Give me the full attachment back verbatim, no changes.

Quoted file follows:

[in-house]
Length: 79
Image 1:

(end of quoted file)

[in-house]
Length: 79
Image 1: